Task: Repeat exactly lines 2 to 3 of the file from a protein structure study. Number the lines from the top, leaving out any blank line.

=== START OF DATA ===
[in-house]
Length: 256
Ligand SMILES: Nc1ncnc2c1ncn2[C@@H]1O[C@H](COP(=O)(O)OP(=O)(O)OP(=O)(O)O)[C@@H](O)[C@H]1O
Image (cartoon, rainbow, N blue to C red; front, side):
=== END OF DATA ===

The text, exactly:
Length: 256
Ligand SMILES: Nc1ncnc2c1ncn2[C@@H]1O[C@H](COP(=O)(O)OP(=O)(O)OP(=O)(O)O)[C@@H](O)[C@H]1O